The phone is ringing. The to-do list is so full you don’t see the end of it and you just discovered that deadline was… yesterday?
On a day like that, all you want to do is to run home and curl back to bed, or to board a plane to the farthest location possible.
Rule number one: don’t panic.
We live in busy times when it’s easy to feel overwhelmed. You can still get things done while keeping your productivity – and sanity- up. Here are a few productivity tips to get you through the busiest of days!
Did you know? A study showed that the 80% of people unconsciously hold their breath when checking email. (Author’s note: when I first read the research, I didn’t think much about it, then a couple of days later when I opened the inbox, holy crap, I actually held my breath while it was loading!)
That speaks volumes about the stress that emails are causing us. In fact, we spend on average 28% of the workweek reading and responding to email.
If you want to survive your day, resist the temptation to open the email first thing in the morning. Do it later, and when you’re done close the inbox, don’t leave it in front of you to distract you. Ideally, you should check your inbox not more than 3 times a day.
In the sea of things to do, try to determine what’s really urgent and important. To do lists fail when there is no clear priority between tasks, and one of the results is an overcrowded to-do list.
To sort tasks out, try asking yourself these questions:
Once you’ve closed the inbox (you have closed it, right?) and established clear priorities over the things to do, make sure to block some time to get your tasks done. Time blocking means dedicate uninterrupted time and work on the task for some time non-stop.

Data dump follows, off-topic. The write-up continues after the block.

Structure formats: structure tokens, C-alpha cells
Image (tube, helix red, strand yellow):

Let me tell you, it’s going to be hard staying focused and escape distractions. Try to block out noise by putting on headphones and listening to music. Turn off any notification (yes, the inbox notifications, too), ask to temporarily divert phone calls and if necessary, put a “Do not disturb sign” on your door.
The busiest we are, the more we try to optimize time by doing many things. Bad news: multitasking doesn’t make you more productive, in fact, tons of research have proved that doing more things at the same time leads to a diminished quality and actually less productivity.
Pick one task, and do it well. Personally, I find it helpful to track my time and start a timer while working on a task using a time tracking tool, Timeneye:
Having an active timer going on makes me more conscious about what I’m doing and forces me to focus on the task at hand, and only on that.
Congratulations! You’ve survived the day without falling into pieces. Given the workloads and the amount of stress we take on every day, all we should do is to disconnect from work.
Unfortunately, we’re bad at this: a study from Lehigh University, Virginia Tech, and Colorado State University showed that employees spend an average of eight hours a week doing company-related emails (those again!) after hours.
If you never unplug, you never rest your body and your brain and your performance at some point will suffer. Try to establish clear boundaries between your personal and professional life, and make sure other people respect that.
In the most chaotic days, it’s inevitable that some of our to-dos won’t get finished. What we can do is brace ourselves and reorganize our work and mindest- and we’ll be able to make the most out of the busiest of days.
How do you approach the super busy days of the week? Make sure to share your tips in the comments below. If you hate multitasking as much as we do, start tracking time with us!
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